Why Church Online Just Ain’t The Same
2 weeks ago
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Now Reading: Why Church Online Just Ain’t The Same
2 weeks ago
If there’s one thing COVID-19 has taught me, it’s how much I can do from the comfort of my couch. I can work, order groceries, video chat with family far away, write this blog post and even ‘attend’ church.
Church online is nothing new. Hillsong has an Online Campus with a specially designated Online Pastor (whose entire role, I can only assume, is to do ministry in one of those annoying little chat bubbles that pops up in the bottom right hand corner of your screen).
Back in 2018, celebrity pastor Judah Smith announced Churchome, essentially church via app, where you watch the service at home, have digital meetups with other church members and connect with church leaders via Pastor Chat.
Many of the big Christian churches have been doing church online for years. However, it took a pandemic to get us Catholics (and many of the smaller Christian churches) to finally stick a GoPro at the back of the church so that we can stream the service.
Most Christians had a fairly limited experience of church online prior to COVID-19, but for the past few weeks, this has been our reality. Every Sunday I have breakfast, shower, and then sit on my couch to watch the Sunday service (fervently praying that the video and audio will be in-sync this week).
It has been a radically different experience of church, and whenever I’ve asked friends how they are finding it, the answer I get every time is:
“It just isn’t the same.”
That’s the question I’ve been reflecting on for the past week. Why isn’t church online the same? What are we missing when we experience church through our TV or smartphone screen?
In the Bible, the word “church” is always used about a group of people. The original Greek term, ekklesia, was used in the Old Testament to refer to the Israelites — God’s chosen people — when they gathered at Mt Sinai to receive the Ten Commandments from God.
In the New Testament, the word describes the early Christians, who would sell all of their worldly possessions to live their day-to-day lives in community with one another (Acts 2:42). Our understanding of church has changed since then, but one thing hasn’t changed: we aren’t meant to do faith alone.
The early disciples understood this; time and time again in the New Testament you read their exhortations for believers to gather together. In the book of Hebrews, Paul writes “And let us not neglect our meeting together, as some people do, but encourage one another, especially now that the day of his return is drawing near” (Heb 10:25).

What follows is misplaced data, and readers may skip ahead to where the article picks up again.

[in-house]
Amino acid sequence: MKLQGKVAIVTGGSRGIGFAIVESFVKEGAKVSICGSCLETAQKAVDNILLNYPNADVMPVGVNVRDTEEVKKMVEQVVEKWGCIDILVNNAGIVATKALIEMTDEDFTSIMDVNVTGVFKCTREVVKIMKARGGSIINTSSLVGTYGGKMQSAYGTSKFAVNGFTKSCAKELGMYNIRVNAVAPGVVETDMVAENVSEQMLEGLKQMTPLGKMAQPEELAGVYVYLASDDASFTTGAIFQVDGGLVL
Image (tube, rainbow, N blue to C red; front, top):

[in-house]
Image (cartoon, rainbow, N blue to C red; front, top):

We are meant to share life with our church community. This community should be the place we go to share our successes, to get support when we are struggling, and to help out where we are needed.
These parts of the Christian life can’t happen when you’re watching church from your living room. As a result, it has become essential during this time to find Christian community elsewhere, whether it’s through small groups or connecting one-on-one with other believers.
But my concern is that many Christians aren’t even aware of how important intentional community is. For them, church online is the next logical step on a path of “individualised Christianity” that their church has been on for years. Each person’s individual relationship with Jesus has taken centre stage. In the songs they sing and the sermons they hear, it’s about “me,” not “we.”
In his article, Why Can’t I Just Go To Church Online, Kenneth Reid observes that if church is all about people individually connecting with God, then why bother driving across town to gather together on Sunday? It’s much easier to individually connect with God from my living room.
We’ve forgotten that, while our personal relationship with Jesus is important, community is fundamental to our identity as Christians. Jesus said, “For where two or three are gathered in my name, I am there among them” (Matt 18:20). Without community, we lose an essential way that we experience relationship with God.
We, united, are the body of Christ. Individual believers trying to go it alone are just as absurd as a hand or foot trying to exist by itself, seperate to the rest of the body (1 Cor 12:12-27).